16:19 GMT28 February 2020
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    Three small pebble-like pieces of our moon brought back to Earth by a USSR space mission sold at a New York City auction on Thursday for $850,000.

    Harvested by an unmanned lunar explorer launched from the former Soviet Union in 1970, the particles were originally given to the widow of Soviet space program director Sergei Pavlovich Korolev, Nina Ivanovna Koroleva, following the death of her husband, in honor of his contribution to the USSR space program.

    The small bits of moon rock brought $855,000 during a Thursday auction, sold to a private US buyer who wished to remain anonymous. The pieces were last purchased in 1993 for a reported $442,500.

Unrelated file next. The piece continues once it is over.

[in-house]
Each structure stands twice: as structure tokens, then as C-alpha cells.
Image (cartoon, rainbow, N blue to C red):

The diminutive moon rocks — at about 0.079 x 0.079 inches — were scraped from the surface by the Soviet moon mission and are the only known example of lunar detritus in private hands.

    Launched on September 12, 1970, the robotic Luna-16 Soviet moon exploratory mission landed on the lunar Sea of Fertility and, while stationary, drilled core samples into the surface. The entire mission lasted 12 earth days, landing back on Earth on September 24 with samples intact.

    The ability to purchase pieces of the moon is very rare, as all NASA artifacts remain in the hands of the US government, according to Dw.com.

    Space exploration objects command hefty fees at auction. Last year, Sotheby's sold a "Lunar Sample Return" bag laced with moondust used in 1969 by US astronaut Neil Armstrong during the first manned mission to the lunar surface, for a reported $1.8 million.


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    lunar probe, auction, rock, moon, auction, Sotheby's auction, NASA, Roscosmos, Russia, USSR, Soviet Union, moon
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